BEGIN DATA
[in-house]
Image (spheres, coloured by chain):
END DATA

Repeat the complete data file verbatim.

[in-house]
Image (spheres, coloured by chain):